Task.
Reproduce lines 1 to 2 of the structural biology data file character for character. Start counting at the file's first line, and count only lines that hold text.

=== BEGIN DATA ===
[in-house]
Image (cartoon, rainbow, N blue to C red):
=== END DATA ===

[in-house]
Image (cartoon, rainbow, N blue to C red):